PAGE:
LABOUR is “institutionally, structurally and systematically racist” and taking south Asian voters for granted, councillors and party members have told Eastern Eye.
They are urging the Labour leadership at national level to investigate why Hindus and Muslims have been barred from standing in next week’s [4 May] local elections.
Labour’s national body, the NEC, has stopped 18 sitting councillors in Leicester from contesting seats anywhere in the city – 10 of whom are south Asian, including all the Hindus.
“This is outrageous and completely and utterly racist,” said one unnamed Labour member.
“It’s institutional racism because it’s happening all the time with the national party interfering with local politics.
“They said it’s because we lost two local seats in by-elections which were safe Labour seats, but we know it’s because they want people who say ‘yes’ to everything.
“Every one of the councillors who were deselected didn’t like what Peter [city mayor Sir Peter Soulsby] is doing.
“He’s a control freak and won’t put up with anybody who goes against him.
“Peter blamed the NEC, but we know he did it because he wants complete and utter control.”
Sources have told this newspaper that Labour is rooting out troublemakers and those who will not “toe the party line unequivocally”.
Eastern Eye understands that in Leicester, councillors wanted to get rid of the elected mayoral system, which exists in the city, and return to a traditional local authority decision-making structure.
We have been told that both party whips and the mayor, Sir Peter Soulsby, threatened rebels with deselection if they were disloyal.
One of those deselected, Ruma Ali, said on the eve of the vote, Soulsby called her into his office where she made clear that she was not a rebel.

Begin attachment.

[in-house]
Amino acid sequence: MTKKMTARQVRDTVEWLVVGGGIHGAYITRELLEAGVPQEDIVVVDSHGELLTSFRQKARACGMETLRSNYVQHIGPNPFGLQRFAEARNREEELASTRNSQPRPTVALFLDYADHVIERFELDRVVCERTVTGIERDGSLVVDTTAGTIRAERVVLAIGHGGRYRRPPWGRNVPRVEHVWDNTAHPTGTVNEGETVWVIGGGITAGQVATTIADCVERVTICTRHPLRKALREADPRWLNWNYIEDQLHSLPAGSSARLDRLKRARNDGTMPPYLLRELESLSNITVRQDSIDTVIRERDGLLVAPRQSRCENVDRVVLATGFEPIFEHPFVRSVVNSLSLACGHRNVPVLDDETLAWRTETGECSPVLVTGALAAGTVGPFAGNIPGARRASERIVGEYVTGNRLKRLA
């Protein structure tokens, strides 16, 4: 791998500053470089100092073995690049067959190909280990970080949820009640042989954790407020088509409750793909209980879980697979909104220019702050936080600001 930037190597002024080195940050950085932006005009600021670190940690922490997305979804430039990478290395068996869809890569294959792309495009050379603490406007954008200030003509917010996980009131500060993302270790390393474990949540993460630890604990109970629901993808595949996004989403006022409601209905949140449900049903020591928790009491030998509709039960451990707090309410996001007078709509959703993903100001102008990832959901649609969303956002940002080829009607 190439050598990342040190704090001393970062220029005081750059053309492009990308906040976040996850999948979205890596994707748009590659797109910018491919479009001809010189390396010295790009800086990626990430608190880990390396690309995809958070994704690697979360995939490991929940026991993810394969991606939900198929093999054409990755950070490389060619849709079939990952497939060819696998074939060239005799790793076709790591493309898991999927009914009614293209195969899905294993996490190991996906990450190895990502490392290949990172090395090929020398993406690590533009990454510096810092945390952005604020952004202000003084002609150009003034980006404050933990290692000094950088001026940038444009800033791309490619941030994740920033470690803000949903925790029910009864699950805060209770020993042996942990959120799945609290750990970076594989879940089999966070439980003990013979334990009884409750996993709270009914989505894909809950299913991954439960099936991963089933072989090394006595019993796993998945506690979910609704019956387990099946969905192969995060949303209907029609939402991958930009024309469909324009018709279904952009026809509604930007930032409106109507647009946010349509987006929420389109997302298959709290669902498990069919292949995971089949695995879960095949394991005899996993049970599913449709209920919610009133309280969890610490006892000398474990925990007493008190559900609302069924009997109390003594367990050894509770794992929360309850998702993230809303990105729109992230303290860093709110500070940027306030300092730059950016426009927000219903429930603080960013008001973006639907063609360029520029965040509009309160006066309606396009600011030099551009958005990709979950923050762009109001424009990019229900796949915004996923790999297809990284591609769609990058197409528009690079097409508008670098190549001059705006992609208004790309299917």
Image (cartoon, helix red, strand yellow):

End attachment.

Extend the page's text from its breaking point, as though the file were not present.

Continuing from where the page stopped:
Ali said that Soulsby promised her she had been selected, yet she was dumped.
“It’s a corrupt system,” said Ali.
“We’ll see on polling day what damage Labour have done, I’ve been a Labour supporter my whole life, they have no value for loyalty.
“They have no value for good people and the amount of people that rang me and said, we can’t believe you’ve been deselected.
“When I think about it, I think, is it because I was too good?
“Is it because they don’t want you to advance? They want to keep you at a level.
“A job should be given based on merit and hard work, not because you’re white.”
Eastern Eye has seen an email where one councillor, who is standing in the local elections, Gurinder Singh Sandhu, wrote to the council’s head of standards demanding a police investigation.
“I am not a legal expert, but it seems like bribery was used to retain the current mayoral system on the 9th March 2023,” he wrote.
“I believe the police should be made aware and they should investigate these claims.”
It is not the first time Labour’s ruling body has deselected sitting councillors.